Sunday, March 24, 2024

Myelodactylus Crinoid Fossil Revisited

Years ago I posted a picture of a fossil crinoid Myelodactylus convolutus (Hall, 1852) that is normally seen coiled up. This fossil specimen was elongated as when it died it was attached inside a colonial Entelophyllum eruciforme (Davis) coral. After reading up on this type of crinoid, this is a very rare occurrence of the crinoid preserved in this position to find in the fossil record (normally fossilized curled up).

This next picture shows the fossil with a scale. It is about 5 cm long. Note the remaining holdfast at the bottom of the crinoid fossil that anchored it to the coral. Each of those little holes would have contained a cirri.Unfortunately, the calyx or crown is missing from the top of this specimen. 

My cousin Kenny has been working on cleaning this coral fossil and it seemed like a good time to post some updated images. Also a few new surprise fossil finds in the coral including maybe another Myelodactylus in the coral. Look at the reverse S shape in the picture below with cirri or some type of holdfast on top of an Entelophyllum coral fossil.

Next to that fossil are the remains of an eroded crinoid which I cannot identify.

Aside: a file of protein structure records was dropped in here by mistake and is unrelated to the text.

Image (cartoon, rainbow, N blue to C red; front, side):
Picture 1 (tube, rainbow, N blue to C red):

A year before his death, renowned crinoid researcher Frank Springer (1848-1927) of the United States National Museum published "Unusual Forms of Fossil Crinoids" in 1926 (LINK). This 137 page treatise mentions the Myelodactylus quite a bit with a number of images in the plates. It is found in the Silurian Period Rochester and Waldron Shales.

In my opinion, this coral specimen should eventually be in the Smithsonian Museum of Natural History to be part of the Springer Collection of echinoderm fossils. Learn more at their web page as of this writing in March 2024. I believe there could be more Myelodactylus crinoids hidden in the coral that future scanning technologies will be able to non-destructively detect. The Smithsonian would have the resources to do instigate this research.